The way to advertise and manage your SEO is changing. The tools of the trade for marketers, product managers and SMBS are ever-evolving. This next wave of MarTech has been ramping up and might put some of us out of business.
We should keep an eye on the cutting-edge machine learning in marketing and SEO and neural network (AI) technologies being used to make our market assessments more accurate, campaigns more successful and our customers ultimately more satisfied.
However, don’t get too lost in how the algorithms work. Just remember their purpose:
“Is the end-user getting the result they want based on how they’ve communicated their search query?”
Understanding how machine learning algorithms work is critical to maximizing ROI. This is going to be a 2 part blog series. So here is Part-1 of the Top 9 Machine learning algorithms that work to influence keyword ranking, ad design, content construction and campaign direction:
Top 9 Machine learning algorithms
1. Support Vector Machines (SVM)
Classification is the process that facilitates segmentation. Simply put, SVMs are predictive algorithms used to classify customer data by feature, leading to segmentation. Features include anything from age and gender to purchase history and channels used.
SVM works by taking a set of features, plotting them in ‘n’ space, ‘n’ being the number of features, and trying to find a clear line of separation in the data. This creates classifications.
For example, Mailchimp is a popular customer relationship management (CMR) tool that uses its own proprietary algorithm to predict user behavior. This allows them to forecast which segments are likely to have high Customer Lifetime Values (LTV) and Costs Per Acquisition (CPA).
2. Information Retrieval
Keywords, keywords, keywords…Sometimes the simplest solutions are the most powerful ones. A lot of ML algorithms designed to assess the market can be difficult to comprehend.
Information Retrieval algorithms, like the one that powers Google’s “Relevance Score” metric, use keywords to determine the accuracy of user queries. These types of algorithms are elegant, powerful and to the point.
Which is part of the reason why SEO software such as SE Ranking uses a version of it called Elasticsearch to provide marketers with a list of keywords built using input from the user. The RL algorithm’s basic process follows a 4-step process:
- Get the user query
- Break up the keywords
- Pull a preliminary list of relevant documents
- Apply a Relevance Score and rank each document
In step 4, The Relevance Score algorithm takes the sum of specific criteria:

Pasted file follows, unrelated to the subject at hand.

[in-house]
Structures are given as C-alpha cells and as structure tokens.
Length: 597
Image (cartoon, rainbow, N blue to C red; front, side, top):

- Keyword Frequency (number of times the keyword appears in the document)
- Inverse Document Frequency (if the keyword appears too often, it actually demotes the ranking)
- Coordination (how many keywords from the original query appear in the document)
The algorithm then attaches a score that gets used to rank all of the documents retrieved in the preliminary pull.
3. K-Nearest Neighbors Algorithm
The K-Nearest Neighbors (K-NN) algorithm is one of the most basic of its kind. Also known as a “lazy learner algorithm,” K-NN classifies new data based on how similar it is to existing data points. Here’s how it works:
Say you have an image of some kind of fruit that resembles either a pear or an apple, and you want to know which of the two categories it belongs to.
A KNN model will compare the features of the new fruit image to the datasets for pear images and the datasets of apple images, and based on which category the new fruit’s features are most similar to, the model will sort the image into the respective category.
In a nutshell, that’s how the KNN algorithm works. It’s best used in instances where data need to be classified based on preset categories and defining characteristics.
For example, KNN algorithms come in handy for recommendation systems such as the one you might find on an online video streaming platform, where suggestions are made based on what similar users are watching.
If you want to learn further how to implement a K-NN algorithm in Python, sign up for a training program to get you started with Python.
4. Learning to Rank (LTR)
The Learning to Rank class of algorithms is used to solve keyword search relevancy problems. Users expect their search results to populate a page and be ranked in order of relevancy. Companies like Wayfair and Slack use LTRs as part of their search query solutions.
The LTR can be separated into three methods: Pointwise, Pairwise and Listwise.
Pointwise assesses the relevance score of one document against the keywords. Pairwise compares each document against the keywords and includes another document into the calculation for a more accurate score.
It’s like getting an ‘A’ on a test, but then you notice that the kid sitting next to you got one more correct question than you, and suddenly your ‘A’ isn’t so impressive. Listwise uses a more complicated algorithm based on probabilities to rank based on search result relevance.
Knowing how machine learning algorithms work and learning practical skills via our PGP in Data Science program will provide you with marketing insights and make you better at communicating ad, content, and campaign strategies to your staff, clients, and customers. This will ultimately lead you to better ROI.
So this was Part-1 for you. Please stay tuned for the next part which will talk about the rest of the top 9 ML algorithms that you need to check out. If you want to read more such blogs, visit us at www.blog.insaid.co